7 ways to create proposals that sell

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Bringing on new clients is a critical part of running a tax and accounting firm. New clients help you grow your practice, further develop your expertise, and ensure the long-term success of your business.

However, many firms struggle with this. They often find themselves bringing on the wrong type of clients for their practice – clients who are just looking to pay the lowest price possible for the maximum amount of work.

How can you solve this issue? By fixing your proposal process.

Let’s take a look at how you can create proposals that not only sell, but that sell the right type of services: namely, advisory services.

Start with a strong sales process

You need to devise a standardized sales process that covers the following three goals:

  1. Identifies your prospective client’s needs.
  2. Qualifies the client.
  3. Determines the appropriate scope of services.

By creating a standardized process, you can ensure that each new client is treated in the same manner, and that you ask the right questions from the get-go.

You’ll be safe in the knowledge that you know exactly what the client is after, they’re the right sort of client for your business, and you’ve agreed upon a set of specific services going forward. Once you’ve gleaned these insights, you can then produce a proposal that binds all this information together in one single document.

There are a few simple steps to follow when devising your own sales process.

First, ask clients to fill out a new client profile form. This allows you to successfully qualify the client and ensure they’re right for your firm (and vice-versa). Once they’re qualified, you can then provide an in-depth needs assessment where you dig into precisely what the client needs/is looking for.

Handy hint: Be sure to ask probing open-ended questions, such as: “What are your organization’s goals for five years’ time?”

For instance, a client might only say they need a tax return completed. When you do a little digging, however, you realize that they’re thinking of expanding and would also benefit from forward-thinking financial planning advice.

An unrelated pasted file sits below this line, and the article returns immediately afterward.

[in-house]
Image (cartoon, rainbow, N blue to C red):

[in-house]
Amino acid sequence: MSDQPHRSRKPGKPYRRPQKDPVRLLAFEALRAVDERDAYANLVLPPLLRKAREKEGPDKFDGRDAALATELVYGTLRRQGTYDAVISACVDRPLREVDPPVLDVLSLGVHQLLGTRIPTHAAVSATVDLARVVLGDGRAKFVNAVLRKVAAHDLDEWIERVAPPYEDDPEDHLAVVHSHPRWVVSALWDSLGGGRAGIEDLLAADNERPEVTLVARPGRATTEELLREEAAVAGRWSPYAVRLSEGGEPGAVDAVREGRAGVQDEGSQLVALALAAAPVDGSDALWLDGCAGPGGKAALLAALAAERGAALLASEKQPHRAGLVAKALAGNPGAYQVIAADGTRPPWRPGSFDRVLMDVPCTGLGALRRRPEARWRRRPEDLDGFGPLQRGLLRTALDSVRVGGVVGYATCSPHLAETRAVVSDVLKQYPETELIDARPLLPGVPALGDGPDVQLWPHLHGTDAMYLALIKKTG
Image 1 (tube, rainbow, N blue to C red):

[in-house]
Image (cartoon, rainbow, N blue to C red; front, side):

Once the qualification and needs assessment processes are finalized, you can then craft a proposal that directly links your prospective client’s needs, goals, and desires with the services that you can offer – and what this will cost them.

Proposal best practices

There are a number of best practices to follow at all times, regardless of the proposal in question.

#1: No instant proposals. As tempting as it might be to fire off an immediate proposal, take the time necessary to properly qualify clients and to get to know their specific requirements. This will ensure that you only ever work with clients that you know are actually right for your firm.

#2: Make sure it’s professional. Proposals represent your firm. Therefore, they should be free of spelling and grammatical errors. Why would you trust somebody to handle your business’ complex financial and compliance-related requirements if they can’t even spell check a proposal? It’s crucial for firms to show that they’re detail-oriented, timely, and accurate in everything they do. This will help build valuable trust with clients before you even begin working together.

#3: Show your firm’s unique personality in an engaging manner. Consider including pictures of your team or engaging videos that go over your services in detail. This will set you apart from the competition, giving you the opportunity to demonstrate why your firm is right for the client. Your proposal should look and feel like it was custom crafted for this particular client. Lift the lid on your team’s personalities and capabilities, directly linking your in-house expertise to the problems that you can help your clients solve.